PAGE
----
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IUU Fishing In Cambodia


Illegal fishing refers to activities that are in violation of regional, state, national or international laws/obligations. This includes foreign or national vessels operating without permission in waters under the jurisdiction of a State, or against the relevant measures adopted by a RFMO. Illegal fishing in Cambodia has two sources; foreign and domestic. Both sources mainly occur in the form of destructive fishing techniques (e.g. pair trawling and electric trawling). Foreign vessels fishing without authority from their own flag State are also considered to be acting illegally. Domestic vessels which utilise mesh sizes below the minimum legal limit, banned fishing gear, or that lack registration or a license required to fish, are acting unlawfully. Furthermore, despite its alarming frequency, trawling in waters shallower than 20 metres is a criminal act.


Unreported fishing refers to those which have not been reported, or have been misreported, to the relevant national authority, in contravention of national laws and regulations. Additionally, it refers to the lack of reporting, or the misreporting, of fishing activities to the relevant RFMO, in contravention of the reporting procedures of that organization. Unreported fishing in Cambodia mainly refers to Thai and Vietnamese vessels that fish in Cambodian waters, as well as the lack of reporting of IUU fishing to the relevant authorities. Furthermore, the purposeful negligence of catch quotas and the misreporting of catch quantity/species is classed as unreported fishing.


Unregulated fishing activities include those conducted in areas or targeting marine stocks where no relevant conservation and management measures are in place. Fishing activities that are carried out in a manner inconsistent with State responsibilities for the conservation and management of marine resources under international law, are also considered unregulated. Finally, vessels performing fishing activities within the domain of an RFMO without displaying nationality, or flying the flag of a State not party to the RFMO, are considered to be carrying out unregulated activities. Some examples of unregulated fishing in Cambodia include the large proportion of Cambodian boats without license or registration, open access fisheries and foreign vessels freely fishing in Cambodian waters with no impact assessment.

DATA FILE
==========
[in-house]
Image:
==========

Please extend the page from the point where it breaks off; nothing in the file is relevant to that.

Other forms of IUU fishing activities include (Funge-Smith; SEAFDEC Secretariat 2016):

-        Catching of prohibited or protected species.

-        Fishing with a fake license, registration or vessel numbers.

-        Registered boats that do not follow the relevant vessel specifications detailed in registration.

-        Vessels carrying more than one flag, fishing in waters outside the permitted or designated fishing areas.

-        Landing of fish in unauthorized ports or across borders.

-        Transfer of catch at sea.


Clearly, IUU fishing can arise in an enormous variety of forms, whether through unlawful method, catch, documentation, vessel specifications etc. Numerous factors that catalyse the development of IUU fishing will be discussed, for instance overcapacity, low relative risk of punishment and open-access fisheries.



IUU Drivers



Factors leading to IUU fishing:

Overcapacity of fishing vessels is a major driver of IUU fishing in Cambodia (Funge-Smith). Marine resources are in decline and struggling to replenish due to frequent and intense fishing pressure. In this situation, fishers may be induced to utilise illegal and destructive fishing methods out of desperation for sparse marine resources. These methods are indiscriminate and frequently result in the capture of non-target species, which are composed mostly of prematurely caught juveniles (Ahmed & Chanthana 2015). For example, socio-demographic surveys conducted by MCC during August 2015 at Prek Tanean revealed that trawler by-catch can be higher than 80%, and also consists of habitat such as seagrass and coral. Catching low quantities of commercial species perpetuates overfishing, creating drastic declines in marine populations. Following this, illegal and destructive techniques may be used in an effort to capture scarce commercial species. Finally, this reduces population numbers further and destroys habitats, once again increasing the level of fishing intensity and fulfilling a perpetual cycle of ecosystem destruction. Furthermore, this cycle has been swiftly intensified by the rapid development of fishing technologies (Siriraksophon 2016).